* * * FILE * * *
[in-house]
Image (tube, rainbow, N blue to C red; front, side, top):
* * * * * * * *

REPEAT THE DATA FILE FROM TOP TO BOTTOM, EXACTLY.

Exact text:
[in-house]
Image (tube, rainbow, N blue to C red; front, side, top):